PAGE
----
The ultimate guide to pain-free swimming
As a dedicated swimmer, Emma had always pushed herself to the limit in the pool. She’d been swimming for years with her local Masters group and loved the feeling of finishing a tough workout with her teammates. Her passion for swimming, however, had begun to decline as she started to have a nagging pain in her shoulder that just wouldn't go away.
Emma found herself second-guessing her every stroke, worrying that she would cause even more damage to her already injured shoulder. This nagging shoulder pain left her feeling worried about her future in the pool. She’d always taken pride in her swimming and the thought of not being able to swim the way she used to was worrying her.
Turns out, Emma was dealing with swimmer’s shoulder. As a physical therapist who specializes in the treatment of swimmers, I’ve seen my fair share of swimmer’s shoulder. Left untreated, the condition can be painful, debilitating, and can affect a swimmer's performance in the water.
Treating swimmer’s shoulder can be intimidating. If you do a quick online search, thousands of articles come up and you’ll find that every article tells you something different. This article aims to make swimmer’s shoulder less intimidating, by defining what it is, what causes it, and what you can do to recover from it.
What is Swimmer’s Shoulder?
First, let's start with what exactly swimmer’s shoulder is. It’s an umbrella term used to describe any injury or pain in the shoulder that's caused by swimming. This can include a range of injuries, such as:
- Rotator cuff tendonitis
- SLAP tear
- Shoulder bursitis
- Shoulder instability
- Shoulder impingement
While each diagnosis requires a slightly different treatment approach, there are some commonalities between each diagnosis. This makes recovering from swimmer’s shoulder a bit simpler.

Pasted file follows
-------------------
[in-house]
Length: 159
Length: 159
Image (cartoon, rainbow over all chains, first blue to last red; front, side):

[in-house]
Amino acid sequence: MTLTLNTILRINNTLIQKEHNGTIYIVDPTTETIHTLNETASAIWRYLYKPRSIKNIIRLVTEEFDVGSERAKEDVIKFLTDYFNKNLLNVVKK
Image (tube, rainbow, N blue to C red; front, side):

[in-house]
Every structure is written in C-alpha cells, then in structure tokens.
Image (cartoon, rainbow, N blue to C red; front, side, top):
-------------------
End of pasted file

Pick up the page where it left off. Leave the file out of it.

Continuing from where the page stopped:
What Causes Swimmer’s Shoulder?
Swimmer’s shoulder is rarely caused by one thing in isolation. Instead, it’s likely a combination of factors that add up over time result in injury. The latest research has shown that there are four risk factors for developing swimmer’s shoulder. Those four risk factors are:
There are a couple of common technical errors, especially during freestyle, that have been associated with swimmer’s shoulder. Three of the most common errors are crossing your midline during hand entry, crossing your midline during your pull, and a lack of body roll. All three of these errors increase the amount of stress placed on the shoulder, increasing the risk of injury.
Improper dryland training
This can mean one of two things. Either the dryland training you’re doing is too much or too little. If dryland training is the cause of your swimmer’s shoulder, it may be a result of not having a well-balanced dryland program. You might be neglecting certain muscles or muscle
s groups or doing too much dryland training.
Training errors (overtraining)
Swimmers are all too familiar with the feeling of fatigue and muscle soreness. Most of the time fatigue and soreness are okay, but too much of either can increase your risk of overtraining. With overtraining, you may find you have less strength and endurance, making it easier to overload the muscles around your shoulder, potentially leading to injury.